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) - State regulators closed four community banks Friday, bringing the total number of failed banks for 2010 to 72.

Year-to-date bank failures were more than double the pace for the same period in 2009, when there were 33 bank closures.

All four of the banks that failed on Friday had been previously assigned E-minus (Very Weak) financial strength ratings by Ratings

and all four were included in


Bank Watch List

, which included undercapitalized banks, based on a preliminary set of first quarter regulatory data.

Midwest Bank & Trust

The largest bank failure on Friday was

Midwest Bank & Trust

of Elmwood Park, Ill, which was the main subsidiary of

Midwest Banc Holdings

( MBHI). After state regulators took over the institution, the Federal Deposit Insurance Corporation was appointed receiver and sold Midwest to

FirstMerit Bank, NA

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of Akron, Ohio, which is held by

FirstMerit Corp



While Midwest Bank & Trust faced mounting loan losses, the deterioration of the bank's capital first came to a head when the government-sponsored mortgage giants

Fannie Mae

( FNM) and

Freddie Mac

( FRE) were placed under government conservatorship in September 2008. On the holding company level, Midwest Banc Holdings reported total 2008 losses and impairment charges of nearly $82 million on the company's investments in preferred shares of

Fannie and Freddie


FirstMerit paid the FDIC a premium of 0.4% for Midwest Bank & Trust's $2.4 billion in deposits, and the FDIC agreed to share in losses on $2.3 billion of the assets First Merit acquired. Midwest's 23 offices were scheduled to reopen Saturday as FirstMerit branches.

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The bank failure was expected to cost the FDIC's deposit insurance fund $216.4 million, although FirstMerit also granted the agency a "value appreciation instrument," which will probably lead to another payment from FirstMerit to the FDIC later on.

Satilla Community Bank

The Georgia Department of Banking and Finance closed

Satilla Community Bank

of Saint Marys, which had $135.7 million in assets. The FDIC sold the failed bank for a small premium on deposits to

Ameris Bank

of Multrie, Ga., which is the main subsidiary of

Ameris Bancorp

(ABCB) - Get Ameris Bancorp Report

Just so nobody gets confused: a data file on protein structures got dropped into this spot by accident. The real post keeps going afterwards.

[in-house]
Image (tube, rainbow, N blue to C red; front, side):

, and has now purchased three failed Georgia banks.

Satilla Community Bank's sole office was set to reopen Monday as a branch of Ameris Bank. The FDIC agreed to share in losses on $101 million of the assets acquired by Ameris, and expected the failure to cost the deposit insurance fund $31.3 million.

New Liberty Bank

Michigan regulators shuttered

New Liberty Bank

of Plymouth, which had $109 million in total assets. The FDIC arranged for

Bank of Ann Arbor

of Ann Arbor, Mich., to assume the failed bank's deposits and assets. The FDIC agreed to share in losses on $95 million of the assets acquired by Bank of Ann Arbor, and was not paid a premium for the deposits. New Liberty's office was scheduled to reopen Saturday as a Bank of Ann Arbor branch, and the FDIC estimated the cost to the deposit insurance fund would be $25 million.

Southwest Community Bank

The Missouri Division of Finance took over

Southwest Community Bank

of Springfield, which had $97 million in total assets and was sold to

Simmons First National Bank

of Pine Bluff, Ark. Simmons First is a subsidiary of

Simmons First National Corp

(SFNC) - Get Simmons First National Corporation Class A Report


Simmons paid the FDIC a 0.50% premium for the failed bank's deposits, and the FDIC agreed to share in losses on $67 million of the acquired assets. Southwest Community's sole office was to reopen Saturday as a Simmons First Branch. The FDIC estimated the bank failure would cost the deposit insurance fund $29 million.

Ongoing Bank Failure Coverage

The bank failure map is color-coded, with the states having the greatest number of failures highlighted in red, and states with no failures in grey. By moving your mouse over a state you can see its combined 2008-2010 totals. Then click the state to open a detailed map pinpointing the locations and providing additional information for each bank failure.

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Written by Philip van Doorn in Jupiter, Fla.

Philip W. van Doorn is a member of TheStreet's banking and finance team, commenting on industry and regulatory trends. He previously served as the senior analyst for Ratings, responsible for assigning financial strength ratings to banks and savings and loan institutions. Mr. van Doorn previously served as a loan operations officer at Riverside National Bank in Fort Pierce, Fla., and as a credit analyst at the Federal Home Loan Bank of New York, where he monitored banks in New York, New Jersey and Puerto Rico. Mr. van Doorn has additional experience in the mutual fund and computer software industries. He holds a bachelor of science in business administration from Long Island University.